The Three Main Causes Of World War I

World War I was fought between many countries including, Germany, Russia, France, Great Britain, and the United States. It was became known as “The Great War”. The war took place on European soil, and included most of the Western European Countries. Being such a large war meant many casualties, more than 17 million lives were lost. This war was started because of militarism, the growing alliances, and nationalism. These causes were long range, meaning they took a while to grow into something significant. There was however one immediate cause, or spark, that began the war. This spark was the assassination of Archduke Franz Ferdinand. All three of the main cause of the war were ignited and made the war come about due to the assassination. After the Archduke was killed the war had officially begun and all of the long range causes were set off. The assassination of Archduke Franz Ferdinand ignited the three main causes of World War I which are militarism, alliances, and nationalism. The first main cause of World War I was militarism. This cause built up, meaning that it took time for it to grow and become significant in starting World War I. …show more content…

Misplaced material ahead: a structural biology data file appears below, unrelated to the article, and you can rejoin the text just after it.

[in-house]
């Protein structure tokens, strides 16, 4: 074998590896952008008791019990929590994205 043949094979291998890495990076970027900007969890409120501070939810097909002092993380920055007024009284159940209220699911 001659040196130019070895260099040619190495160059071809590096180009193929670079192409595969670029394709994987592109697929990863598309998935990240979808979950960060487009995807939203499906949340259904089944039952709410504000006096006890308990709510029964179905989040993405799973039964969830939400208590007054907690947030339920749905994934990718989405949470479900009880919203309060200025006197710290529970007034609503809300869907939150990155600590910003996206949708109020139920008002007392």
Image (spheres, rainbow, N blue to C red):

The first cause is militarism, where countries built up their militaries in order to show power. This lead to making people anxious and, after the assassination, started a war. The second cause is the alliance systems that were set up. With these alliances once one country went to war, all their allies also had to go to war. The third cause was nationalism and how people would do anything for their country. People believed that they were the best and that war would mean they would gain power. The spark was the assassination of Archduke Franz Ferdinand. Even with all the other causes a war might not have occurred without this spark. It set the countries off allowing them to use their strong militaries, help their allies, and make their country seem like the

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